Special counsel Robert S. Mueller III has told President Trump's legal team that his office is likely to seek an interview with the president, triggering a discussion among his attorneys about how to avoid a sit-down encounter or set limits on such a session, according to two people familiar with the talks.
Mueller raised the issue of interviewing Trump during a late-December meeting with the president's lawyers John Dowd and Jay Sekulow. Mueller deputy James Quarles, who oversees the White House portion of the special counsel investigation, also attended.
The special counsel's team could interview Trump soon on some limited portion of questions — possibly within the next several weeks, according to a person close to the president, who spoke on the condition of anonymity to describe internal conversations.
"This is moving faster than anyone really realizes," the person said. Trump is comfortable participating in an interview and believes it would put to rest questions about whether his campaign coordinated with Russia in the 2016 election, the person added.
However, the president's attorneys are reluctant to let him sit for open-ended, face-to-face questioning without clear parameters, according to two people familiar with the discussions. Since the December meeting, they have discussed whether the president could provide written answers to some of the questions from Mueller's investigators, as President Ronald Reagan did during the Iran-contra investigation. They have also discussed the obligation of Mueller's team to demonstrate that it could not obtain the information it seeks without interviewing the president.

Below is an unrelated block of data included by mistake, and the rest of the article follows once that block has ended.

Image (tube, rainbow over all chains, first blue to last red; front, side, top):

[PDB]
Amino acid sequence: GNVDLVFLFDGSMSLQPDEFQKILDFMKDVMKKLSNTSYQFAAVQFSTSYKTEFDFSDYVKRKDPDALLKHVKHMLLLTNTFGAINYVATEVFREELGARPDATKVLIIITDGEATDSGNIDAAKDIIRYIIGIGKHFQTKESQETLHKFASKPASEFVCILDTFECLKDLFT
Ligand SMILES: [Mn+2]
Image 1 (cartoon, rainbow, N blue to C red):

The legal team's internal discussions about how to respond to a request for an interview were first reported Monday morning by NBC News.
Dowd and Sekulow declined to comment.
In a statement, Ty Cobb, the White House lawyer overseeing the administration's response to the Mueller investigation, said that "the White House does not comment on communications with the OSC out of respect for the OSC and its process," referring to the special counsel's office.
"The White House is continuing its full cooperation with the OSC in order to facilitate the earliest possible resolution," Cobb added.
Cobb had repeatedly said all interviews of White House personnel by Mueller's office were on schedule to be completed by the end of December or early this year. On Monday, he said he remains confident that any portion of the investigation related to the president or the White House will wrap up shortly.
Mueller and Trump's legal team plan to meet again soon to discuss both the possible terms and substance of the interview, as well as Mueller's timeline for the investigation, according to one person familiar with the plan.
Trump's lawyers hope to obtain from the special counsel's team a clear idea of the categories of questions that would be posed to the president.
For months, Trump's legal team has been researching the conditions under which the president would be required to submit to an interview with the special counsel, who is investigating Russia's meddling in the 2016 election.
"No lawyer just volunteers their client without thinking this through," said one of the people familiar with the talks.
It has long been expected that Mueller would seek to interview Trump, in part because the special counsel is scrutinizing whether actions he took in office were attempts to blunt the Russia investigation, according to people familiar with questions posed to witnesses.
The president also dictated a misleading statement later released by his eldest son, Donald Trump Jr., about a meeting that Trump Jr. had with a Russian lawyer during the presidential campaign.
Veteran prosecutors said it is unlikely that Mueller would agree to have any witness, even the president, submit a declaration or provide written answers to questions to avoid a sit-down interview.